Title:
METHOD OF PRESENTING BEER
Kind Code:
A1


Abstract:
A method for serving beer from a font includes the steps of first chilling a glass for the beer to a temperature of below, at least, −5° C. and then filling the glass with beer from the font, so that crystals of frozen beer are present in the drink below the head of foam on the beer that is created when the beer is poured.



Inventors:
Dale, Kevin (Victoria, AU)
Application Number:
12/377779
Publication Date:
10/01/2009
Filing Date:
08/17/2007
Primary Class:
International Classes:
B67D1/08; B67D7/80
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Related US Applications:



Primary Examiner:
JIANG, CHEN WEN
Attorney, Agent or Firm:
EDWIN D. SCHINDLER (HUNTINGTON, NY, US)
Claims:
1. 1-10. (canceled)

11. A method for serving beer from a font, comprising the steps of: chilling a container for beer to a temperature of at least −5° C.; and, filling the container with the beer from the font for producing crystals of frozen beer in a drink below a head of foam on the beer created by filling by container with the beer.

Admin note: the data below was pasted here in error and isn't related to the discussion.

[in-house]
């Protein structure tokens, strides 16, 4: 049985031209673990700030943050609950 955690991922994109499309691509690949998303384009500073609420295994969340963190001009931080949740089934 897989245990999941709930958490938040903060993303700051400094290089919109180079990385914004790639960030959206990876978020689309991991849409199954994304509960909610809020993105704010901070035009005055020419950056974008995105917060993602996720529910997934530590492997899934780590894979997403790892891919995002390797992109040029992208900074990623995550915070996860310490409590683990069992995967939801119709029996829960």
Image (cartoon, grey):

12. The method for serving beer from a font according to claim 11, wherein said container is made of glass.

13. The method for serving beer from a font according to claim 12, wherein said chilling step is carried out by chilling an interior of the glass to a temperature between −5° C. and −10° C.

14. The method for serving beer from a font according to claim 12, wherein said chilling step is carried out by chilling an interior of the glass to a temperature between −5° C. and −20° C.

15. The method for serving beer from a font according to claim 12, wherein said chilling step is carried out by chilling an interior of the glass to a temperature between −5° C. and −25° C.

16. The method for serving beer from a font according to claim 12, wherein said chilling step is carried out by chilling an interior of the glass to a temperature below −25° C.

17. The method for serving beer from a font according to claim 11, wherein said chilling step is carried out using a liquid carbon dioxide coolant released into an interior of the container.